HIGHLIGHTS IN HISTORY ON THIS DATE:
1757 – French forces under d’Estrees defeat the British under Cumberland at Hastenback in eastern Germany.
1847 – Liberia becomes the first African colony to declare independence.
1882 – The Daily News becomes Perth’s first daily newspaper.
1891 – France annexes South Sea island of Tahiti.
1908 – The Federal Bureau of Investigation – the FBI – is established in the United States.
1926 – The Philippines legislature calls for a plebiscite on independence but it is vetoed by US governor-general.
1941 – President Franklin Roosevelt appoints General Douglas MacArthur commander of US Forces in the Far East. He also freezes all Japanese assets in the US, virtually halting Japanese-American trade.
1942 – Two Japanese flying boats drop bombs near the wharves at Townsville, the first of three World War II attacks on the north Queensland town.
1945 – Britain, US and China demand Japan’s unconditional surrender as terms for peace in WWII; Winston Churchill resigns as Britain’s prime minister after his Conservatives are defeated by the Labour Party.
1952 – Eva Peron, popular leader and wife of Argentine President Juan Peron, dies of cancer aged 33.
1956 – Egypt’s President Gamal Abdel Nasser nationalises the Suez Canal, and Britain, France and US announce financial retaliation.
1965 – The Maldive Islands in the Indian Ocean become independent, having been a British protectorate since 1887.
1968 – Twenty guerillas attack the US air base at Udorn, Thailand from which US jets flew bombing missions against North Vietnam.
1974 – New Greek premier Konstantinos Karamanlis forms a civilian cabinet after seven years of military rule.
1990 – Iraq agrees to pull thousands of troops back from the Kuwaiti border after Kuwait agrees to cut oil production.
1991 – Communist leaders overwhelmingly approve Mikhail Gorbachev’s new party platform, abandoning decades of Marxist dogma.
1997 – KR Narayanan takes the oath of India’s presidency, the first member of the class once known as “untouchables” to do so.
1998 – Prime Minister Hun Sen’s party wins a majority in Cambodian elections, a year after he ousted his rival Prince Norodom Ranariddh in a bloody coup.
1999 – In New York, the 30th anniversary of the legendary Woodstock musical festival ends violently with fires, looting and vandalism.
2000 – The European Union proposes a ban on the import of “conflict diamonds” from Sierra Leone.
2002 – A court in Jakarta, Indonesia, convicts Hutomo Mandala Putra (known as Tommy Suharto), son of former President Suharto, of hiring the assassins who murdered the Supreme Court justice who convicted him of fraud.
2004 – A fast-spreading computer worm MyDoom disrupts the world’s most popular online search sites, scanning the vast databases of Google Inc and others.
2005 – Judges in Amsterdam hand down a rare maximum sentence of life with no possibility of parole to Dutch-born Muslim Mohammed Bouyeri, who confessed to – and expressed no regret for – shooting, stabbing and nearly decapitating filmmaker Theo van Gogh.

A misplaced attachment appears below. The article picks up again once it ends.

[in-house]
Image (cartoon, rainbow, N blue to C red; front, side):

2007 – Four rare mountain gorillas, including an alpha-male silverback, are shot dead at Congo’s Virunga National Park by an unknown gunman.
2009 – Protesters across the world call on Iran to end its clampdown on opposition activists, demanding the release of hundreds rounded up during demonstrations against the country’s disputed election.
2010 – A UN-backed tribunal sentences the Khmer Rouge’s chief jailer Kaing Guek Eav to 35 years for overseeing the deaths of up to 16,000 people.
2011 – Renowned Australian artist Margaret Olley dies aged 88.
2013 – Edward Snowden’s father defends his fugitive son, saying the US intelligence whistleblower did “what he knew was right”.
2015 – English cyclist Chris Froome, of Team Sky, wins the Tour de France for the second time.
2016 – Two Islamic terrorists in France attack a Mass in Normandy and kill a Catholic priest, and are later shot dead by French police while running from the church.
2017 – Australia’s most senior Catholic, Cardinal George Pell, reveals he will plead not guilty to multiple counts of historical child sexual offences at his first court appearance.
2018 – Former Pakistani cricketer Imran Khan wins the country’s general elections, promising a “new” Pakistan following a vote marred by rigging allegations.
2019 – Australia’s consumer watchdog urges action to rein in the power of Google and Facebook after a landmark inquiry into the impact of digital platforms on the local media market and data privacy concerns.
George Bernard Shaw, Irish writer (1856-1950); Carl Jung, Swiss psychologist (1875-1961); George Grosz, German painter (1893-1959); Aldous Huxley, British author (1894-1963); Salvador Allende Gossens, first Marxist president of Chile (1908-1973); Stanley Kubrick, US film director (1928-1999); John Howard, 25th Australian prime minister (1939-); Mick Jagger, British rock singer (1943-); Helen Mirren, English actress (1945-); Kevin Spacey, US actor (1959-); Sandra Bullock, US actress (1964-); Kate Beckinsale, British actress (1973-); Rebecca St James, Australian-born singer (1977-).
Thought For Today
Death is better, a milder fate than tyranny – Aeschylus, Greek playwright (525 BC – 456 BC).